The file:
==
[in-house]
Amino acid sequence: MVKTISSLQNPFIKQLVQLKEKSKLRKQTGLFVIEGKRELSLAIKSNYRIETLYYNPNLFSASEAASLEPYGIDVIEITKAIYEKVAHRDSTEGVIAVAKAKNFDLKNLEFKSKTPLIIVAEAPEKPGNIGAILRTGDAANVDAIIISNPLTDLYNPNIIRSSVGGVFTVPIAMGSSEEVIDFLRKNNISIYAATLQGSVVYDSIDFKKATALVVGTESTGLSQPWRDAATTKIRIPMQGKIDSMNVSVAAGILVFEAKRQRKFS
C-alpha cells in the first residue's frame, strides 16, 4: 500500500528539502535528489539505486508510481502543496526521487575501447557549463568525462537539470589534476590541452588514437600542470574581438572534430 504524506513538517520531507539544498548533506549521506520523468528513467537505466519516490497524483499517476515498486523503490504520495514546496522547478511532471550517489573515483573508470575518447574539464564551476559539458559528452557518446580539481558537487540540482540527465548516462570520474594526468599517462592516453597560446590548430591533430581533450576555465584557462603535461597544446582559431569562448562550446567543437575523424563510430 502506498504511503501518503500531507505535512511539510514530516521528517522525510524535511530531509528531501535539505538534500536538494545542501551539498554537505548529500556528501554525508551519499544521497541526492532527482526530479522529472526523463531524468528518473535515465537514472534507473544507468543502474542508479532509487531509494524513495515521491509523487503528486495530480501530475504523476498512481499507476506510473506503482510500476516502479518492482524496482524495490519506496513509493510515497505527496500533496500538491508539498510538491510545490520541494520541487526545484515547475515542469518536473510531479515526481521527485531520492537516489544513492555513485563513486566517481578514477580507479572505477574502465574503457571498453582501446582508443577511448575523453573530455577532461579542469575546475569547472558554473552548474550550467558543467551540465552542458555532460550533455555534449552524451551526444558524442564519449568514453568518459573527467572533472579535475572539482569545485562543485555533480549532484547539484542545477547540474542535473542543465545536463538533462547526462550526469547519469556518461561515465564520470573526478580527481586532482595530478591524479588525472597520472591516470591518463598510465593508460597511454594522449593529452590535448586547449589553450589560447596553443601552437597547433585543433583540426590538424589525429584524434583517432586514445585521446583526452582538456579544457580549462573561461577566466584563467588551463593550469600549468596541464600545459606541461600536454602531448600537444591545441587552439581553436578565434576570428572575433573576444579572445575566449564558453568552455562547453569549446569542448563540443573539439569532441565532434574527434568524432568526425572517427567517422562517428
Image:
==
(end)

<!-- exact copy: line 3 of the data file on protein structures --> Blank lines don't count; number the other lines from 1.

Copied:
C-alpha cells in the first residue's frame, strides 16, 4: 500500500528539502535528489539505486508510481502543496526521487575501447557549463568525462537539470589534476590541452588514437600542470574581438572534430 504524506513538517520531507539544498548533506549521506520523468528513467537505466519516490497524483499517476515498486523503490504520495514546496522547478511532471550517489573515483573508470575518447574539464564551476559539458559528452557518446580539481558537487540540482540527465548516462570520474594526468599517462592516453597560446590548430591533430581533450576555465584557462603535461597544446582559431569562448562550446567543437575523424563510430 502506498504511503501518503500531507505535512511539510514530516521528517522525510524535511530531509528531501535539505538534500536538494545542501551539498554537505548529500556528501554525508551519499544521497541526492532527482526530479522529472526523463531524468528518473535515465537514472534507473544507468543502474542508479532509487531509494524513495515521491509523487503528486495530480501530475504523476498512481499507476506510473506503482510500476516502479518492482524496482524495490519506496513509493510515497505527496500533496500538491508539498510538491510545490520541494520541487526545484515547475515542469518536473510531479515526481521527485531520492537516489544513492555513485563513486566517481578514477580507479572505477574502465574503457571498453582501446582508443577511448575523453573530455577532461579542469575546475569547472558554473552548474550550467558543467551540465552542458555532460550533455555534449552524451551526444558524442564519449568514453568518459573527467572533472579535475572539482569545485562543485555533480549532484547539484542545477547540474542535473542543465545536463538533462547526462550526469547519469556518461561515465564520470573526478580527481586532482595530478591524479588525472597520472591516470591518463598510465593508460597511454594522449593529452590535448586547449589553450589560447596553443601552437597547433585543433583540426590538424589525429584524434583517432586514445585521446583526452582538456579544457580549462573561461577566466584563467588551463593550469600549468596541464600545459606541461600536454602531448600537444591545441587552439581553436578565434576570428572575433573576444579572445575566449564558453568552455562547453569549446569542448563540443573539439569532441565532434574527434568524432568526425572517427567517422562517428